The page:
Character Complexity

Spending a lot of time reading can be a great experience, or a frustrating one. Like any other topics in the world you are likely to find someone who doesn’t agree with your point of view, that’s how it is with books. I find myself reading reviews and posts about novels and characters, that I enjoyed reading about, but to my surprise, they are always in a negative light.

Many of the comments I see are about the characters, and their personality. About how, when a character is stubborn or arrogant or selfish, it ruins the book cause they’re such jerks. I completely disagree with comments like this. If every character in every book were the perfect hero’s we wished they were, nothing would ever happen. There wouldn’t be conflicts and problems to over come. They would be fake and wouldn’t teach us anything.

They wouldn’t teach us to think of others. They wouldn’t teach us its okay to be different. They wouldn’t teach us where the line is, and not to cross it. I read these negative reviews and I disagree because the characters, that are flawed, are the best characters there are.

For example, and for many this will be a shocking statement, my favourite John Green novel, is An Abundance Of Katherine’s. No one ever understands why this particular novel is my favourite. I always get the replies like “but it’s not sad”, “i don’t understand why there is footnotes” “Colin is boring” blah blah blah.

It is my favourite novel because of the characters. Colin is self-absorbed, selfish and immature. He spends most of the novel being a less than good friend to Hassan and trying to get his own way. He is flawed and that’s realistic. There is no point in having characters without flaws, because then there is no chance for them to grow and for the story to progress.

So when I see hate towards characters and novel (when people dislike a book, because they don’t understand the characters) I get defensive. It’s important to have character complexity, or else a book is nothing but the story. and a story is nothing without good characters.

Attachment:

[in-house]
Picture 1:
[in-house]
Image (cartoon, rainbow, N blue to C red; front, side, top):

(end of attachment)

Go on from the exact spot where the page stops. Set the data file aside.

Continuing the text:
The Fault In Our Stars : Movie

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Usually when I review a book that is also a movie, I would compare the two. But in the case of TFIOS I don’t think it would be fair. Obviously there are some changes from the book to the movie, characters missing, moments not shared but if I were to name these things, list them out and discuss them I would just me grasping at straws.

John Green said in an interview that the movie is so good and so true because it captures the “essence” of the book. When I first heard him say this I didn’t know what be meant.

The thing that I love about reading is the way that certain books can make you feel after you have finished them. Like you were a part of that world. Like those characters were real people. But when it’s over you feel like you have lost a part of yourself. Like a real friend is gone. In some cases you also get the sense that although the book is finished the story isn’t over. That is the essence of the book.

That is the feeling I got when I finished John Greens novel. It is also how I felt after watching the movie.

In my opinion, which may not necessarily be accepted by everyone, the movie is great. Because even though minor things were changed it captured the essence of the book.

Many book to movie adaptations don’t capture the essence of a book. The fault in our stars most certainly did.

The Fault In Our Stars : Book Review

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Here’s the thing about The Fault In Our Stars. It’s different, it is a welcome change to those of us who are sick of always reading about the happy ending. All throughout different media platforms the idea of a happy ending and happily ever after is thrown at you constantly, and that’s one thing TFIOS doesn’t do.

John Green doesn’t try to soften the blow that comes with death, he doesn’t try to cover up the pain and feelings that a terminally ill person deals with when they are faced with death. He is honest in his writing and he is honest about the minds of teenagers.

The Fault In Our Stars follows the love story of two teenagers with cancer, but it isn’t a cancer novel. It’s a teen novel, with characters that are easy to relate to and are real.

The novel is raw and beautiful. It is sad but true. It may not be the fairytale novel you are after, but it is real, it is honest, and it leaves you thinking that life is brief. It is short and can be gone at any moment. Hazel and Augustus teach us to live and love as quickly and as passionately as we can in the short amount of time we are given on this earth.

It teaches us that nothing is constant and nothing last forever, but it also teaches us that it’s okay to fall in love, regardless of how selfish it is. It teaches us that it is okay to be selfish sometimes, and it’s okay to want things. It’s okay to want more for yourself. It’s okay to feel the things you feel.

Augustus is right when he says you don’t get to choose if you get hurt, but you do get to choose who hurts you. I am forever grateful that I chose The Fault In Our Stars to be one of those things that hurt me. Because it did, but it was one of those pains you remember, the ones that teach you something. My advice to anyone who hasn’t read the book is this.

Don’t be afraid to let it hurt you.